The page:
opportunities for environmental research.

Columbia County participates in the Community Rating System (CRS), a part of the National Flood Insurance Program
(NFIP), which provides a mechanism for reducing flood insurance premiums to reflect what a community does
beyond the NFIP’s minimum requirements. The CRS is a voluntary incentive program that rewards community
actions that reduce flood risk through discounted flood insurance rates.
Every year, flooding causes more property damage in the United States than any other type of natural disaster.
While recent construction practices and regulations have made new homes less prone to flooding, many existing
structures remain susceptible. Throughout the country there is a growing interest from property owners to develop
practical and cost effective methods for reducing or eliminating exposures to flooding. Several effective ways include
acquisition and relocation of a building to a site not subject to flooding, construction of floodwalls or berms to keep
water away from the property, or retrofitting structures to make them flood proof. Retrofitting is a different
approach from the other ways because the property itself remains subject to flooding while the building is modified
to prevent or minimize flooding of habitable space.
There are several recognizable approaches to retrofitting:
   1. Elevation of the structure above flood protection levels.
   2. Construction of barriers (floodwalls, berms.)
   3. Dry flood proofing (water tight floor and wall systems.)
   4. Wet flood proofing (permits entry and passage of flood waters.)
In the event of pending flood threats it is always advisable to take the following emergency actions:
     1. Sand bagging to reduce erosion and scouring.
     2. Elevate furniture above flood protection levels.
     3. Create floodway openings in non-habitable areas such as garage doors.
     4. Seal off sewer lines to the dwelling to prevent the backflow of sewer waters.

Any development in the floodplain requires a building permit according to Article 8 of Columbia County Land
Development Regulations. To obtain a flood zone determination, contact the Columbia County Building and Zoning
Department at 386-754-7053, or online at Copies of Elevation Certificates for all
buildings constructed in the floodplain since June, 2004 are available in the Building and Zoning Department. If you
witness development that has not been permitted please contact Columbia County Code Enforcement at
Columbia County requires that if the cost of reconstruction, rehabilitation, addition, or other improvements to a
building equals or exceeds 50% of the building’s value, the building must meet the same construction requirements
as a new building. Substantially damaged buildings must also be brought up to the same standards (e.g., a residence
damaged where the cost of repairs equals or exceeds 50% of the building’s value before it was damaged must be
elevated above the base flood elevation.) The building’s value shall be determined before the improvement is
started, or if the structure has been damaged and is being restored, before the damage or destruction occurred.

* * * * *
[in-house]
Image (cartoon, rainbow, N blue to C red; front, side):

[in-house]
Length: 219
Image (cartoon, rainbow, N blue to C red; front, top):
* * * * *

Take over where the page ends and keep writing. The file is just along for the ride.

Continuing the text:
A community can lose a portion of its drainage system carrying or storage capacity due to dumping, debris, soil
erosion and sedimentation, and overgrowth of vegetation. When this happens, flooding occurs more frequently and
reaches higher elevations, subjecting properties otherwise protected to unnecessary risk of damage. Keep grass
clippings and other debris out of storm water drainage systems to prevent clogging and loss of storm water storage
and treatment capacity.

If you experience or are aware of any localized drainage problems, including illegal stream dumping, please notify the
Columbia County Road Department at 386-758-1019 so that the problem may be corrected.

Protect yourself and your family from the stress, fatigue, and health hazards that follow a flood:

    1.    Dry out your home. Floodwaters damage most materials and leave mud, silt and unknown contaminants
         that promote the growth of mold and mildew.
    2.   Restore the utilities. The rest of your work will be much easier if you have electricity, clean water, and
         sewage disposal.
    3.   Clean up. The walls, floors, closets, shelves, contents, and any other flooded parts of your home should be
         thoroughly washed and disinfected.
    4.   Rebuild and flood proof. Take your time to rebuild correctly and make improvements that will protect your
         building from damage by the next flood. Learn how to flood proof your home by elevating it above the flood
         level (BFE—Base Flood Elevation.)
    5.   Inquire about available funds to relocate. There are grant programs to mitigate structures in a flood prone
    6.   Purchase flood insurance if you don’t already have it.


                             Find out if you live in a flood prone area.
                   Ask whether your property is above or below the flood water
                   level and learn about the history of flooding for your region.
                                       Know before you buy.
               Brought to you by the
    Columbia County Building & Zoning Department
135 NE Hernando Ave., Suite B-21, Lake City, FL 32055
PH: 386-754-7053 PH: 386-758-1008 FX: 386-758-2160